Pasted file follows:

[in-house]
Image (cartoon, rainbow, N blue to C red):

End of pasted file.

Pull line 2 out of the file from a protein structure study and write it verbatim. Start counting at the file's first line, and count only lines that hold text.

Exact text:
Image (cartoon, rainbow, N blue to C red):